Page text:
Home Buyer's Blog
Do you plan to purchase a newly constructed home? It’s an exciting and appealing option. But buying a new home typically entails considerably more steps and decisions than most existing-home transactions.
Finding a new home can be exciting. But deciding what you truly want and need—and can afford—can be challenging. Making these decisions begins with setting priorities among many different preferences.
Purchasing a home is a major decision that includes substantial rewards, but also substantial responsibilities. When evaluating your readiness to take this step, be sure you’ve considered all the related expenses you’ll encounter at the time of purchase and in the future, including...
Most buyers feel considerable pride in becoming a homeowner, but they also recognize that ownership includes many new responsibilities. To keep your home looking and performing its best, here are several of the most important jobs to remember.
The Federal Fair Housing Act, enacted in 1968, is designed to prohibit discriminatory practices when buying and selling homes. Administered by the U.S. Department of Housing and Urban Development (HUD), the law prohibits housing discrimination against seven protected classes—race, color, sex, religion, national origin, familial status and/or physical and mental handicaps.
If you’ve entered into a contract to purchase a home, your transaction won’t be final until closing. Most buyers have many questions about the process, including: What is closing?, Who attends closing?, etc.
You’ve found a home you’d like to buy. How much should you offer to pay?
Moving into your new home is a big job. The further you plan in advance, the smoother it will go. This list contains most of the big tasks you’ll need to do and suggested timeframes. Depending on your situation, you might be able to delete (or may need to add) some items.
Most real estate agents earn their living by representing buyers and sellers in property transactions. While commission rates and/or terms vary from one listed property to another, there's no question about which agent and brokerage firm is representing the sellers.
Buying a home can present hidden risks. While sellers must provide prospective buyers with complete and accurate descriptions of properties for sale, each state varies regarding the details sellers must legally disclose to buyers.
When two parties enter into negotiations on a home, there are far too many opportunities for bumps and obstacles to get in the way. What are the most common traps, and how can you avoid them?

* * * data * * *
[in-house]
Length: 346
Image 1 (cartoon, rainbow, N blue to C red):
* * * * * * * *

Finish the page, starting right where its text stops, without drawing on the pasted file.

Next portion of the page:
Real estate agents frequently use a Comparative Market Analysis (CMA) to estimate a property’s probable selling price. CMAs help sellers decide on a listing price, whereas buyers use them to determine how much they want to offer for a property.
When it’s time to buy a home, you have choices—not only in the type of property you want to purchase but also in the real estate professional you select to assist with your transaction.
After weeks of house hunting, negotiating, and packing, the time has finally arrived to close on your new home. It's an exciting time! But before signing your closing papers and receiving your keys, a few important details remain, including ensuring that the condition of the home you’re about to purchase has not changed substantially.
Congratulations! A seller has accepted your offer. Before you can take possession of your new home, however, several important details must fall into place.
If you’re like most buyers, you probably started your home search online. What you’ve found, however, may have raised more questions than answers
Accredited Buyer’s Representatives (ABR®) are real estate professionals who have special training and experience in working with buyers. They aren’t, however, the only people with helpful advice for future homebuyers. Consider these tips from other consumers—people who recently completed their own real estate transaction—and the suggestions they’re offering to other buyers.
You've found a home that's right for you and it's time to make an offer. What steps are involved in negotiating a real estate purchase?
Scenario: A buyer is eager to purchase a home, but needs more time to qualify for a mortgage. A seller is eager to generate income on a vacant property. For this buyer and seller, a rent-to-own contract may be an attractive alternative to an immediate transaction.
When a home has particular energy-related problems, homeowners (or potential buyers) can begin the diagnostic process.